Wednesday, July 13, 2016

Negative Equity

My room is famously full of what most people think of as junk. There are my books, my collection of old Picture Post magazines, my suitcases full of other people's family photographs, and my collection of German inflation banknotes. There are the dinner menus of the Bishop of Rochester (bought for a song on eBay), Uncle Frank's collection of bus tickets, and my rather unique accumulation of old beer mats. When I point out to my dear wife and son that these collections have great value and in the event of me being suddenly taken from this vale of tears we call Brighouse, they should be preserved and cherished, they exchange that knowing look which is the prelude to them searching through the telephone directory for skip-hire firms. I recognise that one man's passion is another man's recycling, but I would like to record here on the internet, in full sight of the world, and in bold capital letters :

FOR GOD'S SAKE TAKE CARE OF MY NEGATIVES

These accumulated photographic negatives (and later digital files) which represent almost sixty years of clicking shutters are my legacy to whoever might think of me in years to come. They are my headstone and my obituary, and my entry in the accounts ledger of life.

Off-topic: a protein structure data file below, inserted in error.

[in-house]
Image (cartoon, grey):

Here are a couple, I scanned yesterday, dating back to the early 1980s.

CROOKES VALLEY, LOOKING TOWARDS UPPERTHORPE, SHEFFIELD
BIRD ON A WIRE

3 comments:

  1. Alan, Alan, have you not found a suitable archive or museum for you fabulous (for such I am sure it must be) bequest? I wish I could find somewhere/someone who might appreciate my collection of scrapbooks and paper bags. Even the soap boxes and commemorative pencils ought to be saved somewhere but I don't know where. It's a sad prospect for posterity. (I don't save the crisp packets - they are scanned or photographed.)

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  2. I have the same problem. The Griffon rocker cover is scrap metal, as far as Hay is concerned, rather than a piece of British history.

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